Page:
2. You can follow the instructions on this application form and submit it to the Marketplace (same as HealthCare.gov). The instructions note that after the application form is submitted, you should hear back within 1-2 weeks concerning whether or not you have been granted the exemption. If you get an exemption from the Marketplace, you must keep the letter that the Marketplace sends you with your exemption certificate number (ECN). You will need the ECN when filing your personal federal taxes. 

Comments

  1. Is it legal to use a section 125 plan to pay the monthly 'premiums' of a health care sharing ministry?

    ReplyDelete
  2. Good question! Health reimbursement arrangements (HRAs) or Sec. 125 cafeteria plan deferrals cannot be used to reimburse individuals for share payments because they are not medical expenses as defined under Sec. 213; however, they can be used to pay medical expenses paid directly by the taxpayer, such as co-pays, prescriptions, and preventive care as permitted by Sec. 213.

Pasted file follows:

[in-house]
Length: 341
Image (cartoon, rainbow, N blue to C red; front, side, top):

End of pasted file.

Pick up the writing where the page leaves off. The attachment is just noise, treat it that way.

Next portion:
The one exception is for Missouri residents. Only Missouri allows a deduction for the share amount in determining state income tax.

    ReplyDelete

Post a Comment

Popular posts from this blog

Housing Allowance and Form 1099-MISC Reporting

Question:

A church provides its minister a housing allowance, but for other purposes it believes that it must report the full amount of compensation (including the non-taxable housing allowance portion) on Form 1099-MISC (in order to demonstrate the full earnings of the minister). If the church reports his compensation,including the housing allowance, on Form 1099-MISC as taxable income, will he be able to deduct his housing expenses somewhere else on the Form 1040?

Answer:

This questions brings up a couple of issues. First, most ministers are properly classified as employees who receive Form W-2, not as independent contractors who receive Form 1099-MISC. On Form W-2, Box 1 for taxable compensation is reduced reflecting the church's designation of a portion of his pay as non-taxable. Then in Box 14, it typically reports as a memorandum item his additional non-taxable, housing allowance compensation. In the situation addressed in the question, this Form W-2 reporting may or may not a…